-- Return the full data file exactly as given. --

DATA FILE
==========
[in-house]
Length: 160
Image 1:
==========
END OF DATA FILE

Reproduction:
[in-house]
Length: 160
Image 1: